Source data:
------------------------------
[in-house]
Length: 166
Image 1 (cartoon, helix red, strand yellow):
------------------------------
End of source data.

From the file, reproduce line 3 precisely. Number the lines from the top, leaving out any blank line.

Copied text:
Image 1 (cartoon, helix red, strand yellow):